THE TENUOUSNESS OF FREEDOM
by T.K. Small
This past January I received an urgent telephone message, from a friend who was trying to find a lawyer to help release someone from the clutches of the King's County Psychiatric Hospital. In responding to this request, I spoke with Connie Lesold, who is one of the coordinators of the Brooklyn Mental Hygiene Court monitoring project. In Brooklyn, as in many other jurisdictions, a special court has been established to address mental health issues. Connie, and the other monitors, attend these proceedings to keep track of how folks are being treated.
Despite my lack of direct experience with mental health issues, Connie suggested that simply another person, particularly an attorney with a disability, could perhaps be helpful. Since Mental Hygiene Legal Services (MHLS) had already become involved in this case, I headed to court to simply support a fellow member of the disability community that I didn't even know. What I saw that day in the Brooklyn Mental Hygiene Court has caused me to reflect on the tenuous grasp that we all have on our freedom.
As we waited for the hearing to begin, I started to see some disturbing trends in almost all of the cases that were presented. Apart from the almost complete lack of wheelchair accessibility to the courtroom, there appeared a remarkably fast rush to invoke judicial intervention in considering whether mental health services should be officially imposed.
From my limited perspective it seemed that the testimony of family members, psychiatrists and social service entities, were given more credibility. It also appeared that there was a heavy-handed, authoritarian dynamic present between those who were supposedly there to help and the people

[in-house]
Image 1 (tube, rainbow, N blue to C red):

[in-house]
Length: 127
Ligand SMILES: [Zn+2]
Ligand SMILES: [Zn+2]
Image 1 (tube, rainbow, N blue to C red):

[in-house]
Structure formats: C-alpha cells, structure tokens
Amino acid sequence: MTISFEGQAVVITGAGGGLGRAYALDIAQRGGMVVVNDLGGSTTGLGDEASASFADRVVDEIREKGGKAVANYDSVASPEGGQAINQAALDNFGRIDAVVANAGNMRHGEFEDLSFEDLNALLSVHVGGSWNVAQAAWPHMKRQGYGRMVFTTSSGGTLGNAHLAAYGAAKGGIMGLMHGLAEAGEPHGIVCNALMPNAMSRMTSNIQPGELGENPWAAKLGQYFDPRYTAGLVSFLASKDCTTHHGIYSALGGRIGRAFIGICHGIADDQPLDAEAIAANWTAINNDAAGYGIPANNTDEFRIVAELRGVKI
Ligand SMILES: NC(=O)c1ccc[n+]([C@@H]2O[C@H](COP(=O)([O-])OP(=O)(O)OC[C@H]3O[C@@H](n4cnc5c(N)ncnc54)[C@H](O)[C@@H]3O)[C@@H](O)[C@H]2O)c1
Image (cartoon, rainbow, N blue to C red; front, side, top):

"alleged" to be mentally impaired. From a number of the court monitors I learned that in too many instances the result of these proceedings is forced treatment and medication in a psychiatric facility, and occasionally, the sanctioning of electro-conclusive therapy. It seems that once a person has some sort of
"psychiatric label" the rules change dramatically.
The person in question, as mentioned earlier, ended up getting legal representation from MHLS and they did an excellent job. I am happy to report that the person is back in the community, doing just fine. But what happens to the people that are not as fortunate to get adequate legal representation?
When I first became involved in the disability rights movement in the early ‘90s, a large part of a national conference I attended was dedicated to the importance of our movement truly being represented in a cross-disability perspective. There are 54 million people with disabilities in America and our strength is only magnified when we work together. There are all sorts of clichés about
"weak links in a chain" and
"hands washing each other" but I especially like what Benjamin Franklin said:
"We must all hang together, or assuredly we shall all hang separately."